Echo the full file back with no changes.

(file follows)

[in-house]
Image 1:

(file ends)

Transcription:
[in-house]
Image 1: